2016 | Dr. Susan Day, Virginia Tech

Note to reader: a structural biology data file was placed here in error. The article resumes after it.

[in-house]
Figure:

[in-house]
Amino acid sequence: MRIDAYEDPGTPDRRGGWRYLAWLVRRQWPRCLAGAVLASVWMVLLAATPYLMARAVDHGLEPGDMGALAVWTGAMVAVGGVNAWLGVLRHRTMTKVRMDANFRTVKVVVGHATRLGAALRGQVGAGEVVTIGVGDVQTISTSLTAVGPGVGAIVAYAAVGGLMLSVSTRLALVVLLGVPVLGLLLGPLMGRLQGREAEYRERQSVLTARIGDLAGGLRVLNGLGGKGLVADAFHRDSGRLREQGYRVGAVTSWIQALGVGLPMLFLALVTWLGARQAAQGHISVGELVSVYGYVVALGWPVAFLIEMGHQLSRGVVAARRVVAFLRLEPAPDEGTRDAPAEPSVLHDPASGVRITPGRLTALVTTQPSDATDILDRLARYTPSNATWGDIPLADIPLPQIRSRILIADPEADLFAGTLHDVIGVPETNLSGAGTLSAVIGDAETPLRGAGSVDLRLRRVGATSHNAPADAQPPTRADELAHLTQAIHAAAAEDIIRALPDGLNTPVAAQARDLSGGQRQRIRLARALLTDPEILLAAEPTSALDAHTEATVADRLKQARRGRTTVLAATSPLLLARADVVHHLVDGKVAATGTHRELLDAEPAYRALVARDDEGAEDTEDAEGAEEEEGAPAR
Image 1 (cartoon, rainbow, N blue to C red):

Can planting design and tree management be used to significantly increase stormwater mitigation by trees? Does presence of an urban forest understory or site maintenance practices such as leaf removal or mulching influence water infiltration and capture? Stormwater attenuation by urban forests is provided by a complex structural system that includes canopy interception, stemflow, and transmission into the soil. Plant characteristics, such as leaf morphology, architecture, and stem characteristics dictate canopy interception and stemflow. However, we hypothesize that the overall urban forest canopy structure, rather than characteristics of individual trees, has a greater effect on stormwater mitigation. Specifically, the addition of understory plantings could increase both canopy density and lead to soil surface traits that have already been identified as beneficial to stormwater capture, such as the presence of litter or mulch layers. We will examine three landscape structures in urbanized areas: trees only, trees plus understory, and understory only (defined as low shrubs or herbaceous plants) and evaluate them in terms of their effects on this stormwater mitigation complex. Sites will also be compared to a natural forest reference site, often used in policy development. This analysis will be replicated in a greenhouse study using the three plant structures in bioinfiltration cells with engineered soils where we will analyze changes in soil physical characteristics over time as well as rainfall partitioning using a rainfall simulator and lysimeters. Results can be used to optimize groundcover management beneath trees as well as to inform stormwater policy and runoff estimation models.